The Living Age, Volum 228

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Living Age Company, 1901

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Side 718 - But now I only hear Its melancholy, long, withdrawing roar, Retreating, to the breath Of the night-wind, down the vast edges drear And naked shingles of the world.
Side 350 - Are God and Nature then at strife, That Nature lends such evil dreams? So careful of the type she seems, So careless of the single life...
Side 149 - What, silent still? and silent all? Ah! no — the voices of the dead Sound like a distant torrent's fall, And answer, "Let one living head, But one arise — we come, we come!
Side 145 - Last noon beheld them full of lusty life, Last eve in Beauty's circle proudly gay, The midnight brought the signal-sound of strife, The morn the marshalling in arms— the day Battle's magnificently stern array!
Side 149 - Shall never more be thine. The silence of that dreamless sleep I envy now too much to weep ; Nor need I to repine That all those charms have passed away ; I might have watch'd through long decay.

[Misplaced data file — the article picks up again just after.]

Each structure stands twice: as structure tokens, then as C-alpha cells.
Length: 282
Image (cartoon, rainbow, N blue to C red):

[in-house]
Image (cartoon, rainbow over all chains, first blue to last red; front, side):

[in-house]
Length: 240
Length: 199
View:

Side 458 - An aged thrush, frail, gaunt, and small, In blast-beruffled plume, Had chosen thus to fling his soul Upon the growing gloom.
Side 409 - Taint in poetry, is it ?" interposed his father. " No, no/' replied Sam. " Wery glad to hear it," said Mr. Weller. " Poetry's unnat'ral ; no man ever talked poetry 'cept a beadle on boxin...
Side 150 - The triumph, and the vanity, The rapture of the strife — The earthquake voice of Victory, To thee the breath of life; The sword, the scepter, and that sway Which man seem'd made but to obey Wherewith renown was rife — All quell'd!
Side 468 - Let us understand, once for all, that the ethical progress of society depends, not on imitating the cosmic process, still less in running away from it, but in combating it.
Side 149 - The natural music of the mountain reed — For here the patriarchal days are not A pastoral fable — pipes in the liberal air, Mixed with the sweet bells of the sauntering herd; My soul would drink those echoes.

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